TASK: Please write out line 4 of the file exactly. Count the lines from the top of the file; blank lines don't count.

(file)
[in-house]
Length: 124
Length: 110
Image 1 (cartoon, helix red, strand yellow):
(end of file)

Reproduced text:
Image 1 (cartoon, helix red, strand yellow):